Much of the time, games that have become iconic for their representations of LGBT characters, like Mass Effect, Bully, or Persona 4, only fall into the progressive category if you choose that path. They can, and often are, rigidly heterosexual in practice.
Let’s look at a more specific example. The Fable series establishes that sex and sexuality are a choice for the hero. Be gay or straight or whatever, get freaky with the locals, and even marry whomever you can successfully woo. While NPC characters in later entries do have established sexual identities, marriage offers an insignificant diversion that adds nothing to the character.
In a sense, it’s exactly what we need/want — games where being gay or bisexual means literally nothing and shows true equality. The people of Albion don’t care, and being not-straight neither takes from nor adds to your interactions with anyone other than your partner. While sexuality is a complicated and personal topic, making it ‘no big deal’ is the civil rights daydream. But the fact that it’s a choice for the player undermines the whole concept since it’s not a canonical “the King of Albion was gay” instance.
In fact, during Fable 2′s postgame dlc See the Future, the developers reveal that you had a kid. Oops, you were gay? Too bad, we needed to set up the third game and don’t like adoption.
Mass Effect 3, for a second example, got a lot of praise for including gay relationships, but Shepard doesn’t have a canonical gay status, so it’s only the tiniest of steps. Shepard can be gay, but usually isn’t. At best, it vaguely appeases the LGBT crowd while letting bigots and homophobes continue playing in an all-straight, whitewashed world.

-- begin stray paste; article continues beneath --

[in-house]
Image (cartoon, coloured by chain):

One could argue that Mass Effect and Fable are games about choice and personal authorship, which lends them an entirely different kind of importance. That’s true, but it doesn’t move us forward if the only real examples of homosexual relationships are unsteady choices thrown against a background of hundreds of forced heterosexual romances in other games.
Lasting progress demands games where the developers and writers say “This hero is gay,” not “This hero can be gay.” Visibility alone isn’t enough anymore.
Not only are these progressive titles missing the important canonical homosexual, bisexual, or transgendered characters they seem to take credit for, they also reinforce the stupid misconception that it’s a choice.
In it’s simplest form, we need Final Fantasy X, but with Yuna replaced by a male summoner. Force the characters in a love story, or, at least, in a story with some emotional weight, to be gay. But instead, I guess us queers are supposed to be so honored that we’re a part of the game for once that we should ignore poor representation.
No. Enough. We’re not thankful to be included this time. Give us a call when you’ve got a 100-hour love story RPG epic about two men or something, not another appeasement make-your-avatar-kiss-another-boy-but-only-in-this-one-spot stuff to show that you really care about your fans. You can do better than this.